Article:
Brooklyn Tech’s Tradition of Rock & Roll

If you have ever walked past 6E20, you have probably seen a lonely flyer pinned to the wall, seemingly having been there for months, untouched. In an unassuming font, the plain black and white paper reads “Teenage Bass Player Needed for a Teen Rock Band,” put up by a “teen rock band” called Bad Vintage. Beyond the number of a person named Dunkan, passersby know nothing more about Bad Vintage, or its origins, or if they ever found their bassist.

Intrigued by the unanswered questions, I contacted the number on the flyer and got in touch with the enigmatic Dunkan, the band’s drummer, and asked him to tell me all about Bad Vintage and how they started out.

The Malave brothers, Dunkan, a sophomore at Tech, and Drake, his eighth-grade brother formed their band three years ago. A couple of months ago, Dunkan put up a flyer looking for a bassist. Since then, they have received a couple of texts, but nothing has panned out. Dunkan explained, “Bass players are hard to find at Tech; they aren’t really the center of attention. As a high schooler, it’s difficult to find other musicians that are specific to rock.” However, their lack of a bass player hasn’t prevented them from creating more music and sharing it with everyone on their YouTube channel, @Badvintage2913.

At Tech, music classes and events tend to be very symphonic, or classical, which hardly encourages the formation of rock bands. “I wish Tech had more opportunities for rock-oriented musicians, so we could have an outlet to play and find other students with similar interests,” said Rhys Barbaro (‘25). The lack of spaces where rock musicians can channel their creativity leads students like the Malave brothers to resort to flyers to find their fellow rock-and-roll peers.

Curious to hear more about the experience of being in rock bands at Tech, I reached out to some members of Purple Zenith, a more established band, fresh off their victory at the Tech Talent Show. I wanted to know how they achieved rock stardom at Tech, what comes next, and what advice they might have for up-and-coming bands such as Bad Vintage.

Purple Zenith consists of Logan Pepper (Fiorello H. LaGuardia ‘23) on lead vocals, Lucas Fruscianteo (‘23) and Karsten Cole (‘23) on guitar, Daven Cole (‘25) on bass, and Gabriel Wolf (‘23) on drums. A legitimate rock band with some serious talent, Purple Zenith began in Tech’s jazz band, and is built with a mix of self-taught musicians, and some with formal training.

Once they built the band, the next steps were to practice, practice, practice, and land gigs. Purple Zenith rents studio space at Pirate Studios in Gowanus once a week. Wolf remarked that going to a school as demanding as Tech does not take away from Purple Zenith’s ability to practice, even though APs and college applications have consumed a lot of time for the band members graduating this year.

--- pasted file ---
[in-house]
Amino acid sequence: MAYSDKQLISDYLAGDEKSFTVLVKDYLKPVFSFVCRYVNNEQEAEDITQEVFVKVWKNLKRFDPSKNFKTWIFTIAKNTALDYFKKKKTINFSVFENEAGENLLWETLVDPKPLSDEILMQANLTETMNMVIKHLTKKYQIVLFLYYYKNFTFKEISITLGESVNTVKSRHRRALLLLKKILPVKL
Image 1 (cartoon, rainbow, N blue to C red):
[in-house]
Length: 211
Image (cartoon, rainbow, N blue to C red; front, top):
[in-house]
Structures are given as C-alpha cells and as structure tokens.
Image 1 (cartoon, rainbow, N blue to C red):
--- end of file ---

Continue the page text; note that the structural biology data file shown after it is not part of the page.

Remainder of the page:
Although Tech isn’t exactly music-oriented, Purple Zenith has been a contender at the Tech Talent Show every year, and they take any opportunity to perform. Their advice for rising bands such as Bad Vintage is to get involved with music outside of school as “the easiest way to find people to play with.” Collaboration with other bands, and playing clubs and events, will all help a small band bolster an underground band’s credentials.

“Lots of bands want to be taken too seriously, but we are aware of age…we just want to have fun doing what we love,” explained Gabriel Wolf (‘23), Purple Zenith’s drummer. The members have many other responsibilities and mutually agree that they aren’t necessarily going to stay together after high school. However, they recognize the talent they have and believe that they can all go far with musical careers if they desire.

Purple Zenith is well aware that rock-and-roll dreams can live on far beyond Tech. In fact, they started off by covering bands like Living Colour, whose guitarist Vernon Reid coincidentally went to Tech, graduating in 1976. Wolf said, “Living Colour is amazing, they are some of the pioneers of hard rock.” Influenced by Jimi Hendrix and other guitar greats, Reid picked up the guitar and formed his first band Liquid while at Tech. Reid later went on to win two Grammy awards for his guitar work in Living Colour.

The Malave brothers may take some inspiration from Vernon Reid’s ride from Tech to the top of the charts. With more opportunities to perform, they could establish themselves like Purple Zenith, maybe even take a Tech Talent Show title themselves, and perhaps one day hit it big like Vernon Reid. But for now, Bad Vintage is just an underground band with a lot of talent and drive, looking to get their name out there.

As for Purple Zenith, the band is preparing to release an album sometime in June. They currently have a single out, entitled Awake, available on most music streaming platforms.